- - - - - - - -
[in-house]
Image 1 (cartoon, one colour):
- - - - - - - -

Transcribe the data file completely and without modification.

[in-house]
Image 1 (cartoon, one colour):